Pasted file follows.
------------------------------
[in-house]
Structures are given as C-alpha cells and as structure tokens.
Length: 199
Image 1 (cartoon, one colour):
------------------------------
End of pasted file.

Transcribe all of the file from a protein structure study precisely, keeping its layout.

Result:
[in-house]
Structures are given as C-alpha cells and as structure tokens.
Length: 199
Image 1 (cartoon, one colour):